Depending on how they are handled, virtual artists can be seen as the ultimate realization of a manufactured pop star, created by a team behind the scenes whose main goal will be to maximise the reach of their creation, with the artform taking a back seat.

These artists will be driven by data that dictates everything about them, the way they look, the music they make, the platforms they operate on, the way they interact with an audience and the trends they jump on board with to maximise their audience reach.

These artists won’t be paying their dues like the many real artists who struggle for years to build an audience, they don’t have to worry about communicating their authentic selves in the same way, they can just hijack the prevailing culture of the time.

Now all of this won’t be true for every virtual artist out there. Just like Gorillaz, there will be examples of real musicians who adopt this approach out of their love for technology and use it to change the way they communicate with their fanbase, but for every example like this there’s no doubt going to be a handful more who see an opportunity to make some easy money.

 Are Virtual Artists a Good or Bad Thing?

Everyone is going to form their own opinions on whether virtual artists are a good or bad thing, where some may see the destruction of art others will see the creation of it.

When technology changes an industry there is always pushback, but ultimately it’s adoption that determines what society wants.

Different generations will resonate with this new breed of artist in different ways, and many of the companies who are active in this area are heavily focused on the younger generations, for whom socialising and consumption happens more in the virtual world than outside of it.

And as technology develops to the point these artists can develop their own music, the lines will be blurred even further and questions will be raised about whether artificial intelligence can create ‘real’ music.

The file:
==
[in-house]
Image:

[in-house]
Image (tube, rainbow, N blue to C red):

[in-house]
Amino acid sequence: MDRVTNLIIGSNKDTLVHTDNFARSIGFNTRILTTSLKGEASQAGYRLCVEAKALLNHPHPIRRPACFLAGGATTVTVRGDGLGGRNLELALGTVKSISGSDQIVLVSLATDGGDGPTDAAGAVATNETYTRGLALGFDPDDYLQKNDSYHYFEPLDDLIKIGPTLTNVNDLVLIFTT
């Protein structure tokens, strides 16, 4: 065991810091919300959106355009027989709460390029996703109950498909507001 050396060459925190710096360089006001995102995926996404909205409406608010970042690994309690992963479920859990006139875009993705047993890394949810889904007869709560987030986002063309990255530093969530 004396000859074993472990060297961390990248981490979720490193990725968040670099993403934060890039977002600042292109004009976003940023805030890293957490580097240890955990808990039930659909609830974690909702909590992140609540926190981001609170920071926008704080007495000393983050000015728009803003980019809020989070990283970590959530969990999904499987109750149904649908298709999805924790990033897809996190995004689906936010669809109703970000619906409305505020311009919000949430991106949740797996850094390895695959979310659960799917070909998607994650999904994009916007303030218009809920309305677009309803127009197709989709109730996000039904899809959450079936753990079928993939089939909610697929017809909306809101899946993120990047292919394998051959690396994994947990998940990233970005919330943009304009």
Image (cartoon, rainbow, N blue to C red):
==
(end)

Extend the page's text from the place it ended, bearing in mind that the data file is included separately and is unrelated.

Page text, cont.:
What Does the Future Look Like?

The future of virtual artists is hard to predict. In the short term expect to see more virtual artists emerging, as well as more real artists adopting a ‘hybrid’ model, where they adopt virtual avatars to exist in these worlds.

We’ve already seen examples of this, with one being Grimes’ development of the virtual avatar WarNymph.

And for those musicians who struggle to see past the cartoonish avatars that are often adopted by these artists, and don’t see how this could relate to their craft, there can still be value in adopting a virtual approach to the artform.

This concern is addressed by Inder Phull, the CEO of PIXELYNX, in this article from RollingStone, where he states:

“any artist that’s visually stimulated – who naturally works with multiple dimensions of content, not just music – for that kind of artist, this is like a renaissance of creativity. It’s a completely new canvas for them to think about how they express their creative vision.”

Inder Phull – CEO PIXELYNX

But the long term interest in virtual artists is yet to be seen. At the moment there is a novelty factor that is helping to catapult them to success, but as they become more commonplace, in a world where everything is becoming virtual, will being human be what helps you to stand out? Or will the technology open up the door for artists to communicate with their audience in an entirely new way?